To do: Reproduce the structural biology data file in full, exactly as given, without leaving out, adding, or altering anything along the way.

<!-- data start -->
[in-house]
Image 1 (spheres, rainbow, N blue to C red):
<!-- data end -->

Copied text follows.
[in-house]
Image 1 (spheres, rainbow, N blue to C red):